Using the assumed knowledge of the pupils as a starting point, teacher presents vocabulary items to the pupils that include words and phrases required for role-play.
1. Sandwich, a glass of milk Please, thank you
2. Stationery : notebook, ruler, eraser, pencil and sharpener Help, need, get, pack Good evening, goodbye
Garment : pullover, cardigan, jacket
Colours and shades : red, green, yellow, grey, brown, black
Size : small, medium, large
Greeting : Good morning, Good afternoon, Good evening
Enquiry : What would you like? How much?
Acceptance : Yes, please.
Asking for something : I’m looking for…../I’d like to see, etc.
The teacher selects the two pupils who are to play the roles of the salesperson and customer respectively.
The teacher prepares all the pupils for the role-play by presenting the dialogue to be spoken in the given situation and making them practice it orally. The dialogue is not to be learnt by heart. The class can be divided into two groups : salesperson and customer. The teacher reads out the dialogue. She then asks the class to repeat sentence by sentence, changing the voice to indicate the person who is speaking, the salesperson or the customer. After the third repetition, the salesperson group says its lines followed by the customer group. This can be practiced a few times.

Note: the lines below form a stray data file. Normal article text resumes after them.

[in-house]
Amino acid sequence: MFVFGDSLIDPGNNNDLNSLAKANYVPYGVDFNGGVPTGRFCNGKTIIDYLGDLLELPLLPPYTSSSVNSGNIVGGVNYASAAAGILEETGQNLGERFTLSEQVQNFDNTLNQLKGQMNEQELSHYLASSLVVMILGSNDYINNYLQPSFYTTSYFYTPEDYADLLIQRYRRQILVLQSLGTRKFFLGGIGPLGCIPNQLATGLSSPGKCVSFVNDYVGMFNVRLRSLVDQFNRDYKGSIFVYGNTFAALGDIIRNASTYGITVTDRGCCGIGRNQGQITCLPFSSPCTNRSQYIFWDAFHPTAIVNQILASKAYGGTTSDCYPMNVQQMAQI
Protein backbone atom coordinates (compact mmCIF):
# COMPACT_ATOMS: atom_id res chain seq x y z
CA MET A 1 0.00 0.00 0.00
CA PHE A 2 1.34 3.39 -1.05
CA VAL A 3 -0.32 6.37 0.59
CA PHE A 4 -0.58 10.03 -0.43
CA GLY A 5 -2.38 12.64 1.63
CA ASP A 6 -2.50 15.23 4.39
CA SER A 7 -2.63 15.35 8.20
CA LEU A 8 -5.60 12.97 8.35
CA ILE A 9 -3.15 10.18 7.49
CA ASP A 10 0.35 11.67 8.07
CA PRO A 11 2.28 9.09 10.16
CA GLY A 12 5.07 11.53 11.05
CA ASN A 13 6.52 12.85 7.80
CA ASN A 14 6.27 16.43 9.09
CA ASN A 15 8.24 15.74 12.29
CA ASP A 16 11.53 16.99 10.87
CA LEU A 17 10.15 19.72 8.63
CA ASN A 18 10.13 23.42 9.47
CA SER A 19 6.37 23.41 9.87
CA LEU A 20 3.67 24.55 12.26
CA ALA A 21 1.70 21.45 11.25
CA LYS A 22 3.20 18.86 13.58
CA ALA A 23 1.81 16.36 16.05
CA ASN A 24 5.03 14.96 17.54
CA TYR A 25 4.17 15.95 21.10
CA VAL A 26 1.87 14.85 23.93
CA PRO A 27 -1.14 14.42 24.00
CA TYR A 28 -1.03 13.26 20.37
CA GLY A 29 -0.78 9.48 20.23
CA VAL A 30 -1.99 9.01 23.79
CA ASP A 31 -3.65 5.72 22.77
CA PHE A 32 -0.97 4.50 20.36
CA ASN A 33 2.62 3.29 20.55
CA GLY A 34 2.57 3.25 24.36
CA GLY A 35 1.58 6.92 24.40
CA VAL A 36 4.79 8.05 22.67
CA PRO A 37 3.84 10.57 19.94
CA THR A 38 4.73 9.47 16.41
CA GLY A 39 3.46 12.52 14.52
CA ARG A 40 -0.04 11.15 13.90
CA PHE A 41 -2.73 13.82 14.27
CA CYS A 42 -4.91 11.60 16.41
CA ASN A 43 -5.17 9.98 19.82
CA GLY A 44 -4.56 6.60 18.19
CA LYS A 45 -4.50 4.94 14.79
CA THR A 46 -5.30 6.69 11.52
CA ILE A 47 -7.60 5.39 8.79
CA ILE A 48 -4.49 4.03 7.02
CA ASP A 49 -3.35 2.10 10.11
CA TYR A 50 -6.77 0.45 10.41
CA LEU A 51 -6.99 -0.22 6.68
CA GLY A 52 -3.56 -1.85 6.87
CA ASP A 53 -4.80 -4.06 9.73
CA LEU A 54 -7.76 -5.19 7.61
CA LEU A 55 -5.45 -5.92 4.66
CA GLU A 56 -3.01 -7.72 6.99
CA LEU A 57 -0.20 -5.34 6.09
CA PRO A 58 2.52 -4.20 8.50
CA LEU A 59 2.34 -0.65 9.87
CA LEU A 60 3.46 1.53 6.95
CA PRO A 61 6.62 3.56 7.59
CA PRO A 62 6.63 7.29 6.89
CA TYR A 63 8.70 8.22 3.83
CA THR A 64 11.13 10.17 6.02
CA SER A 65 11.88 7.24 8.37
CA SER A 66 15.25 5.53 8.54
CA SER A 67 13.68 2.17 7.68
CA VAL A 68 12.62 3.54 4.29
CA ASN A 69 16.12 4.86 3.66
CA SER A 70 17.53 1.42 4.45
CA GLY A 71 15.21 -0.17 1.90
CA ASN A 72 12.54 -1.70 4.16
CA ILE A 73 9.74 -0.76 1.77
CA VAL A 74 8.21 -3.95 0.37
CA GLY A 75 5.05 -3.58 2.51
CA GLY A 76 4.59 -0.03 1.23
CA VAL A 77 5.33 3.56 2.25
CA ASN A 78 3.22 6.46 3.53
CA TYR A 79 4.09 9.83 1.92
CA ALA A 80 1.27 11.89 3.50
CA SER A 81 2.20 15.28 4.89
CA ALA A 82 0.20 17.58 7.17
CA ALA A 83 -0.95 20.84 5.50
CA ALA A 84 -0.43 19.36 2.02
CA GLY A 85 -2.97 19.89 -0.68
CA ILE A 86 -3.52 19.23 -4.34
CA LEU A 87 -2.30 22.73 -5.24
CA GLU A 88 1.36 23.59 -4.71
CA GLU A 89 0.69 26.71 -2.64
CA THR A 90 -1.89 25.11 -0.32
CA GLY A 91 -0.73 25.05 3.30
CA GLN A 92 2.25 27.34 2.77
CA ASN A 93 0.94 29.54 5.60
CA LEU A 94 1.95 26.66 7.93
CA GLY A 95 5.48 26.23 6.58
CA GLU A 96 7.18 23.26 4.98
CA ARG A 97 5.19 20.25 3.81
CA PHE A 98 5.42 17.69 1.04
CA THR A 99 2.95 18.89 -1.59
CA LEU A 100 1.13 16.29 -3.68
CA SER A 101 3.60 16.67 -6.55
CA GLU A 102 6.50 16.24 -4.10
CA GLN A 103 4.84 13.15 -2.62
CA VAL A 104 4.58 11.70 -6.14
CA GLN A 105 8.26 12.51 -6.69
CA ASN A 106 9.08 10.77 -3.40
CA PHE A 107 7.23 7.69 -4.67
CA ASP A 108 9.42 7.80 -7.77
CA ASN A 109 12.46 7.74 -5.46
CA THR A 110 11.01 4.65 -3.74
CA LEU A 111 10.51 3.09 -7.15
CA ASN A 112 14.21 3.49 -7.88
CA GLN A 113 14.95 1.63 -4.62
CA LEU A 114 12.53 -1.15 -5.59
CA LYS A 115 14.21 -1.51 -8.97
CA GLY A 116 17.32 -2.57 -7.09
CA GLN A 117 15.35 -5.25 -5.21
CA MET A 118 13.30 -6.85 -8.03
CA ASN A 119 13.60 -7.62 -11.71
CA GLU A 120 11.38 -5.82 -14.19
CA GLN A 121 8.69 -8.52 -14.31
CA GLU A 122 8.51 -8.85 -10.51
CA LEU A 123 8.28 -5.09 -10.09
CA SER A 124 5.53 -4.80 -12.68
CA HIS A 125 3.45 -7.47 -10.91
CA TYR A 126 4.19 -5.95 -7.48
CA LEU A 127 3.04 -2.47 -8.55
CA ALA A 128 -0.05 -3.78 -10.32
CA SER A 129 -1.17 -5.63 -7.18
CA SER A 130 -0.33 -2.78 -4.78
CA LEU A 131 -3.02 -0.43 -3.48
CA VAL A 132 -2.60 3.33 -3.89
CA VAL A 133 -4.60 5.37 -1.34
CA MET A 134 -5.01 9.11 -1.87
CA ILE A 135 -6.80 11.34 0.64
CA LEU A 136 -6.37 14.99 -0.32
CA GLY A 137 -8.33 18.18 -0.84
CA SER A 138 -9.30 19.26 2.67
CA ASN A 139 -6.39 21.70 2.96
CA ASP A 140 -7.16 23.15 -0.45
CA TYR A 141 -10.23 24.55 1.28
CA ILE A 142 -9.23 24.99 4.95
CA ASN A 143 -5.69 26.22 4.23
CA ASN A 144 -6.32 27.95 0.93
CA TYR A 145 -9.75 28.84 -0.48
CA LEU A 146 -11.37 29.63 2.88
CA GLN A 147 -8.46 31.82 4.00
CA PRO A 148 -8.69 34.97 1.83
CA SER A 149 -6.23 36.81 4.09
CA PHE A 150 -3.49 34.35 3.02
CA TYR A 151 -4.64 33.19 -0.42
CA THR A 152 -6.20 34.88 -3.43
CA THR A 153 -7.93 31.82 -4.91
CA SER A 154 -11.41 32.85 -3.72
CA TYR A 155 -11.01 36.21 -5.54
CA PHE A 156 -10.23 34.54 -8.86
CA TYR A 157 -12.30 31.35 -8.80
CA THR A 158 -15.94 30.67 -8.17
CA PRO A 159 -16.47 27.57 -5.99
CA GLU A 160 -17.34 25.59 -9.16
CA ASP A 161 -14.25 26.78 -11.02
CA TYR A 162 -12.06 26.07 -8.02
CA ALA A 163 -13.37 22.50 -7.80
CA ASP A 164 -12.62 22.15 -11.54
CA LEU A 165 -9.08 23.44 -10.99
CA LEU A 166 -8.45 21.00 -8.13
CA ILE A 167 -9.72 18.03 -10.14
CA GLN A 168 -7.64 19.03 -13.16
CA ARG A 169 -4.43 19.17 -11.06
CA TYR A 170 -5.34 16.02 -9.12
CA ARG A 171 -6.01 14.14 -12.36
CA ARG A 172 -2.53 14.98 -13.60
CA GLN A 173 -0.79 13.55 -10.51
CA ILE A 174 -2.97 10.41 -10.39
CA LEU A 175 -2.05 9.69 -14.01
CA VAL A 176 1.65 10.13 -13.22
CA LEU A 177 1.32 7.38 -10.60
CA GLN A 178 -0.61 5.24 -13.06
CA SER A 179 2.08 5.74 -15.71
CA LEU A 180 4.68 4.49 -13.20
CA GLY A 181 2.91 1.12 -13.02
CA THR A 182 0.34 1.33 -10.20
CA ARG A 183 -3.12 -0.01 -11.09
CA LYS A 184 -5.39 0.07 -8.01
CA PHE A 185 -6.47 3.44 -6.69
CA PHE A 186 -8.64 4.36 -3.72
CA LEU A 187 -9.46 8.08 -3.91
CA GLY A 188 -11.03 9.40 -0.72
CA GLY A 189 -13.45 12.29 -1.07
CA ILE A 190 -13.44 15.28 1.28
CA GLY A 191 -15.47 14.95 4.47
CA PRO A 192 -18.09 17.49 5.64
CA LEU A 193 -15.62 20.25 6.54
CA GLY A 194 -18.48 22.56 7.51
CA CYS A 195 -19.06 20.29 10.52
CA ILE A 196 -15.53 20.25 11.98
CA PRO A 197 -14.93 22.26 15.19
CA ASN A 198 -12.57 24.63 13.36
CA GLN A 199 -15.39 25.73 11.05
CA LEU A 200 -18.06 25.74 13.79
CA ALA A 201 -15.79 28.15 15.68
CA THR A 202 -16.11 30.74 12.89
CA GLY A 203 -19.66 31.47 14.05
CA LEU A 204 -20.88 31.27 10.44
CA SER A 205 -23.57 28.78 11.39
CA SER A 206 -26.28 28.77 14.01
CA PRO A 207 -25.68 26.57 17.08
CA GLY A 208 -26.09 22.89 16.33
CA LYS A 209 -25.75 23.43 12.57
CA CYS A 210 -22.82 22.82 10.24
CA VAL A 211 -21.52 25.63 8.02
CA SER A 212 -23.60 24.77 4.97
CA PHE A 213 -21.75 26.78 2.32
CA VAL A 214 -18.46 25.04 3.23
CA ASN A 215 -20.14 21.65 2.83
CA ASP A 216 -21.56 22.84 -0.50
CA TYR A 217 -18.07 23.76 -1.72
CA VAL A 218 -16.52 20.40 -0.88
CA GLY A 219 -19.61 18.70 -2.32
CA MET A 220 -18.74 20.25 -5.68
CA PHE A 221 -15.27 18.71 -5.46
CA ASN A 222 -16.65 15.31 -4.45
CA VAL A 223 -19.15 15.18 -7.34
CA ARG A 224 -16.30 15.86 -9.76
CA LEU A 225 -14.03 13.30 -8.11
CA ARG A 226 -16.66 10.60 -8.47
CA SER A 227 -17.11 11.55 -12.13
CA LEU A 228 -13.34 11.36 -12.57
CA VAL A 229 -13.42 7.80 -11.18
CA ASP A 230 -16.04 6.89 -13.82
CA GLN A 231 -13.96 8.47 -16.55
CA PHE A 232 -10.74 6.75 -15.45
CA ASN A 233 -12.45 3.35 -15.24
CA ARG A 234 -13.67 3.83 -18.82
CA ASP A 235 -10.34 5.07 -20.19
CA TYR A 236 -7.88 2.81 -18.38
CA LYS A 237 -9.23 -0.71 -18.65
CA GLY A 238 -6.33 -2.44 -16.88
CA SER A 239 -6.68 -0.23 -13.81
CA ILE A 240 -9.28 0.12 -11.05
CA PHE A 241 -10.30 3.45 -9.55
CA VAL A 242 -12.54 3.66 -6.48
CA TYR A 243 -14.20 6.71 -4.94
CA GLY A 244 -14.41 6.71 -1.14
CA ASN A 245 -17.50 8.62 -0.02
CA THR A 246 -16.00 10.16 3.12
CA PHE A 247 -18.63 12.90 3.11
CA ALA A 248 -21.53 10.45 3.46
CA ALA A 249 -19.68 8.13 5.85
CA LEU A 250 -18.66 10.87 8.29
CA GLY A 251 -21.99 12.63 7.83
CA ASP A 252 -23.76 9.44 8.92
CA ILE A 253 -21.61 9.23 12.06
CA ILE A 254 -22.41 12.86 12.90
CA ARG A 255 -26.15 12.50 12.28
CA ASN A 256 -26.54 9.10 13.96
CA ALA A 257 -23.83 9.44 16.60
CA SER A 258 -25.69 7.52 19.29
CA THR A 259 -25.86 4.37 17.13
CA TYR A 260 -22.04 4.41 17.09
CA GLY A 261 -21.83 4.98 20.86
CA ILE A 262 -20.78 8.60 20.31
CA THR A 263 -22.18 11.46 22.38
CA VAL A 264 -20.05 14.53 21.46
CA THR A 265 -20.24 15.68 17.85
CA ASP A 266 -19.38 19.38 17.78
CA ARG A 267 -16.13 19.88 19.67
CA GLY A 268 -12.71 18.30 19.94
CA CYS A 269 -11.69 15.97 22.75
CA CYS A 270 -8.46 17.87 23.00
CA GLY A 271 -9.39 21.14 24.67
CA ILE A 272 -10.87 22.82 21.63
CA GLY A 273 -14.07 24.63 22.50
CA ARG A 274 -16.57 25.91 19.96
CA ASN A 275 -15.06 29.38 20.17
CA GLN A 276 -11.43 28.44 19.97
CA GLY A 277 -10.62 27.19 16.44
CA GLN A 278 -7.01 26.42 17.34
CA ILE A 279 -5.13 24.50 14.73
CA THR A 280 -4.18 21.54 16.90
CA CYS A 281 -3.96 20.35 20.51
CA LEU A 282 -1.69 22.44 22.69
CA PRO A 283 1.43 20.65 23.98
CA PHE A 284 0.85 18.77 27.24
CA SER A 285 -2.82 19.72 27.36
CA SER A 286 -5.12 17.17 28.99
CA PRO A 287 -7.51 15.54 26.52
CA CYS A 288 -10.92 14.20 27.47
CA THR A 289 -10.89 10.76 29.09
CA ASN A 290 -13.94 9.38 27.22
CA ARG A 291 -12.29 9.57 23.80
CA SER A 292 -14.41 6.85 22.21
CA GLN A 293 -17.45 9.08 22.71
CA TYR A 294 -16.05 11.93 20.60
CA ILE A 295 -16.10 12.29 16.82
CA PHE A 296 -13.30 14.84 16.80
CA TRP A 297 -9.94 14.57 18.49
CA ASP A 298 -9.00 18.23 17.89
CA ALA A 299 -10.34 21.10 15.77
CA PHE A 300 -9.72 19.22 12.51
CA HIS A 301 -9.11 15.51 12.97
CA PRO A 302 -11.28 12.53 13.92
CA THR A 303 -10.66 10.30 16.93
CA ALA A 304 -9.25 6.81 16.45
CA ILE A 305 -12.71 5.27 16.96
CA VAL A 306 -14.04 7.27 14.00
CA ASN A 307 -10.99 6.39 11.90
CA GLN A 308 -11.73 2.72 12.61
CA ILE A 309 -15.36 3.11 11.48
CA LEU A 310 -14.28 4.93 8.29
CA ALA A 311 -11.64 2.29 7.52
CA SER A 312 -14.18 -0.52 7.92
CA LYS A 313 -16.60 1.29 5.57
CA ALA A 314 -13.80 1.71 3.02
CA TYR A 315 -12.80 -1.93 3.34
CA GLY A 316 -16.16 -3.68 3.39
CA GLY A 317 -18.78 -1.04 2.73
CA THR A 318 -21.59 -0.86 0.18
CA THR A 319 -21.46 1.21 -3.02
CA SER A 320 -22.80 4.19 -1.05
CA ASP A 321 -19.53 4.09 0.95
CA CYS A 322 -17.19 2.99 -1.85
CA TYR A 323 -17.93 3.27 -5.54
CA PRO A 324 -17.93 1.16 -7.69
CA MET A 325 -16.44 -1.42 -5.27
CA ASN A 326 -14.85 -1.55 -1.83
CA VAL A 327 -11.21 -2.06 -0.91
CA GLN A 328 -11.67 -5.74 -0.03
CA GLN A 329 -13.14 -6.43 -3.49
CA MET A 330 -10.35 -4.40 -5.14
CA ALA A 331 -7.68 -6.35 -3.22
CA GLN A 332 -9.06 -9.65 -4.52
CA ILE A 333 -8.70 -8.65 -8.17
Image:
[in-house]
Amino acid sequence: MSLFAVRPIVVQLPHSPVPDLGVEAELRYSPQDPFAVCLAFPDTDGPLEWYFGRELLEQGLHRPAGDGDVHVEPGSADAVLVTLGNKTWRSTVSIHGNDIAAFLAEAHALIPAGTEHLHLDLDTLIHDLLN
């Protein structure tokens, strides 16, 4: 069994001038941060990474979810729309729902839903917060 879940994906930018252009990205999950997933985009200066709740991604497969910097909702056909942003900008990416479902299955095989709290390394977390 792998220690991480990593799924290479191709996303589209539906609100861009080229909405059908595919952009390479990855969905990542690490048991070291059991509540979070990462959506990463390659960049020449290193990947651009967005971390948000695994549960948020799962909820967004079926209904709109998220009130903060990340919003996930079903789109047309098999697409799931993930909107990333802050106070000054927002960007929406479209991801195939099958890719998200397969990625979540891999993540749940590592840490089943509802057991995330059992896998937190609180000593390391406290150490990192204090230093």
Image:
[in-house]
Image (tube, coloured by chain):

Finally, the two pupils who will play the roles of the inter-locators, the salesperson and customer, interact, repeating the dialogue. Suitable improvisations are to be encouraged rather than frowned upon The linguistic interaction will be accompanied by appropriate intonation, relevant body language and actions. For example, showing different sizes and colours of garments, trying one on, packing it, and lastly, paying for it at the counter and collecting it.
Thus, role-play is a valuable activity for the development of the skills of listening and speaking, and using socio- linguistic form appropriate to the context. Other activities like mime and language games prepare the way for effective role-play as they involve the use of movement, gesture, expressions, the phonetic features of spoken English and the linguistic features of oral interaction. These elements are necessary for a spontaneous, natural and realistic enactment of a role in a given situation.